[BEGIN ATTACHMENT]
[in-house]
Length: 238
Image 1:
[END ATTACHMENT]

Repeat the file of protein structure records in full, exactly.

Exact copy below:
[in-house]
Length: 238
Image 1: